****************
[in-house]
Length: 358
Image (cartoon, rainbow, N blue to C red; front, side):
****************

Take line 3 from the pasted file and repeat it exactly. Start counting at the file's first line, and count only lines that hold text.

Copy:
Image (cartoon, rainbow, N blue to C red; front, side):